If recent events have taught us anything it’s that life is ever changing and the financial market can be volatile without notice. While quarantined, this is a great opportunity to check on your financial wellness. Are you thriving or merely surviving? What are you doing well? What needs more work? Regardless of where you are, there are always opportunities to improve. The key to coming out of this even stronger personally and financially is the ability to be flexible and embrace change. Sheen Magazine linked up with 4 financial#bossbabes with practical tips to help you adopt a nimble mindset and navigate any change while running a business or your personal finances during this time.
Secure a few bags, sis!
Liane Membis is the Founder of BAUCE Magazine. The digital publication is dedicated to the a lifestyle self-made women working for financial freedom with content concentrated around making money and looking good while doing it. While her publication currently receives nearly half a million combined impressions on all of digital platforms, the first-generation American says her immigrant background instilled the value of creating financial options to build wealth and she encourages women to do the same. Her motivation for financial freedom of her own consistently drives her passion to grow BAUCE into a community space where black women can come to learn on whatever stage they are on on their financial journeys. While hustle and grind are her mantras, she also notes one that systematic racial discrimination plays a large role in the financial inequality many black women and men face. She is dedicated to using her platform to help coach and teach women how exploring multiple incomes is necessary for financial freedom.
“I think one way that black women can overcome this is by committing to not having just one stream of income. Whether it’s stocks, real estate, a passive business, or a better savings/investment plan, I think every black woman should explore how they can set their finances up to make sure that not only they are good in the long-term,” she said.
Don’t forget about business credit
Khalia Cross is a financial specialist working to empower women by educating them on the value of building personal and business credit. A former employee at Merrill Lynch and Bank of America, she uses her extensive education and professional experience as the Co-Founder of Good Credit America and Business Credit Financing with her father. Together, the duo helps people maintain successful credit profiles to increase their financial situations within real estate and similar vehicles. Additionally, her work educates women on the benefits of building business credit to gaining access to resources and financing opportunities.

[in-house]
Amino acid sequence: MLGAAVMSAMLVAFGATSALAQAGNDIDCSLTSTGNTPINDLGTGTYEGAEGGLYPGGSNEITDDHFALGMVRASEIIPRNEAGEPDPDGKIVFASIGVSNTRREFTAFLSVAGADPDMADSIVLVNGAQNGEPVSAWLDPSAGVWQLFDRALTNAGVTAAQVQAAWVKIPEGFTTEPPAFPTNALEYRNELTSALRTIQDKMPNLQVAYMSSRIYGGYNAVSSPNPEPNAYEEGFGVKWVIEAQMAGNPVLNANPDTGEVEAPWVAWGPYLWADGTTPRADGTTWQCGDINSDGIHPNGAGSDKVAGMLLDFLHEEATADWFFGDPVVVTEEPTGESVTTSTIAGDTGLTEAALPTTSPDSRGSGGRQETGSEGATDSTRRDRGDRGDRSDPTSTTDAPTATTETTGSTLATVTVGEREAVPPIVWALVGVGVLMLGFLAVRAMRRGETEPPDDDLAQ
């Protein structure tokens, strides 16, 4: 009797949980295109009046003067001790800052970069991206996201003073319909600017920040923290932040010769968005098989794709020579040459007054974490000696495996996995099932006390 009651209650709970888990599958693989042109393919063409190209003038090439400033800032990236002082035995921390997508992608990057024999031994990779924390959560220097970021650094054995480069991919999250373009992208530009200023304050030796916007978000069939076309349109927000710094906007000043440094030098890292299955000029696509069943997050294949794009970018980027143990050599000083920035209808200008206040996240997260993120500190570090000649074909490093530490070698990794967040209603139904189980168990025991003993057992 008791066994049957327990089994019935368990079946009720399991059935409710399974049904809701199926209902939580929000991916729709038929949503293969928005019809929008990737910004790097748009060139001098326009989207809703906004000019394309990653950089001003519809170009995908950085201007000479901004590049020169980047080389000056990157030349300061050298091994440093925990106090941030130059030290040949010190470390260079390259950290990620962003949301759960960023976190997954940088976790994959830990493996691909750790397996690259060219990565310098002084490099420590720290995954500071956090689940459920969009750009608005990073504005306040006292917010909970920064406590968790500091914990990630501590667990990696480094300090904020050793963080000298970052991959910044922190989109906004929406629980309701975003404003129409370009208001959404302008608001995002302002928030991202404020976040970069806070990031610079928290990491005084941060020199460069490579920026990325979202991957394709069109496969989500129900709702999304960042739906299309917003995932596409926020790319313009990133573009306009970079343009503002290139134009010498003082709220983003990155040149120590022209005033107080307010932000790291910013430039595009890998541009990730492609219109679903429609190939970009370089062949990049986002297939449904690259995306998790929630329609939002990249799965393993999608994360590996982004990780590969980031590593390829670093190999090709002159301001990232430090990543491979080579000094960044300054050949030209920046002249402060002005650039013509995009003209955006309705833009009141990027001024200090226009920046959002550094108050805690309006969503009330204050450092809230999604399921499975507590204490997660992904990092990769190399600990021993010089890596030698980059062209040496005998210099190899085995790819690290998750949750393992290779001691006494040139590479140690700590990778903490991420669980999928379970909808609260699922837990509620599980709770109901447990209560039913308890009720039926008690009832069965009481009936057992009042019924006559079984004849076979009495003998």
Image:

“Some black women lack the knowledge necessary to take advantage of available resources to move their further in their careers and businesses. Many also may lack confidence. I provide coaching, advice, and guidance."
Stay down until you come up!
Melissa Lowery wants black women to embrace the concept of financial discipline and consistency. She asserts, “You can live your best life while also making smart money moves.”Her brand The Capital Woman teaches communities of black women online how to strengthen their relationship with money. Utilizing her previous finance experience as a Sr. Financial Analyst at Target HQ, she offers practical and actionable strategies for women to regain control of their finances as a tool to financial freedom. As a mentor she encourages women to value investments, teaches how to properly advocate for higher pay and more.
“The biggest obstacle, [for black women, I believe] would probably be discipline and consistency with so many distractions and temptations via social media. Everybody wants to travel, be swaggy, and eat GOOD! It takes us away from the importance of building a solid foundation.”
Get financially lit!
Sheneya Wilson is the Owner of Fola Financial, LLC. According to Wilson, Fola is a Yoruba name that means honor and wealth, where her business strives to accomplish for its clients. According to Wilson, within the past 2 years, Fola Financial, LLC., has served more than 300 professionals, creatives, and entrepreneurs of color with a majority of this population being black women. In her experience, she says she noticed many black-owned businesses fail within their second year due to their lack of financial education and literacy. Her business is working to improve this statistic by helping entrepreneurs understand and navigate the financial aspects of being a business owner as well as teaching them how to secure their future and leave a legacy.